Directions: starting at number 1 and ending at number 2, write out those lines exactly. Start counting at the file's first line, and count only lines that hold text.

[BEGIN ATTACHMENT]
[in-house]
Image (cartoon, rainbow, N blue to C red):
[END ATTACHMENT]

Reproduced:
[in-house]
Image (cartoon, rainbow, N blue to C red):